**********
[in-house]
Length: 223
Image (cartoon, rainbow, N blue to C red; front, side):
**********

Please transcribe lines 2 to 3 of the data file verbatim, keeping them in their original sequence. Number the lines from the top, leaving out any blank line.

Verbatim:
Length: 223
Image (cartoon, rainbow, N blue to C red; front, side):